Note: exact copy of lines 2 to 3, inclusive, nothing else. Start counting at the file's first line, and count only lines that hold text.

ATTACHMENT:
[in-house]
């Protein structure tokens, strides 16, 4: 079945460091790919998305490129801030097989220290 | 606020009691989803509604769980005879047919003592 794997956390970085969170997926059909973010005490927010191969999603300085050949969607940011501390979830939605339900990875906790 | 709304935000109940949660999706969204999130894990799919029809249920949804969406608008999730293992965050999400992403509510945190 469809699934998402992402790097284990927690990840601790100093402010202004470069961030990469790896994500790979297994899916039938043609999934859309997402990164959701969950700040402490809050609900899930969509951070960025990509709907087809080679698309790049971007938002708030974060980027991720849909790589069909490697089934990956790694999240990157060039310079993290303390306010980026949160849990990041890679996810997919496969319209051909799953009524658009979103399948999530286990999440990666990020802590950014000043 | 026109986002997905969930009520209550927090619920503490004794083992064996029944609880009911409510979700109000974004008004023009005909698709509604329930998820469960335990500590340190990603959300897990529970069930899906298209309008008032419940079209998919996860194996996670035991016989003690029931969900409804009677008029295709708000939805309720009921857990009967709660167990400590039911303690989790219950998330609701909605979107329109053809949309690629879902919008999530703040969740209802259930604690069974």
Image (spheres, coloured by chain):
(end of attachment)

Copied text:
């Protein structure tokens, strides 16, 4: 079945460091790919998305490129801030097989220290 | 606020009691989803509604769980005879047919003592 794997956390970085969170997926059909973010005490927010191969999603300085050949969607940011501390979830939605339900990875906790 | 709304935000109940949660999706969204999130894990799919029809249920949804969406608008999730293992965050999400992403509510945190 469809699934998402992402790097284990927690990840601790100093402010202004470069961030990469790896994500790979297994899916039938043609999934859309997402990164959701969950700040402490809050609900899930969509951070960025990509709907087809080679698309790049971007938002708030974060980027991720849909790589069909490697089934990956790694999240990157060039310079993290303390306010980026949160849990990041890679996810997919496969319209051909799953009524658009979103399948999530286990999440990666990020802590950014000043 | 026109986002997905969930009520209550927090619920503490004794083992064996029944609880009911409510979700109000974004008004023009005909698709509604329930998820469960335990500590340190990603959300897990529970069930899906298209309008008032419940079209998919996860194996996670035991016989003690029931969900409804009677008029295709708000939805309720009921857990009967709660167990400590039911303690989790219950998330609701909605979107329109053809949309690629879902919008999530703040969740209802259930604690069974």
Image (spheres, coloured by chain):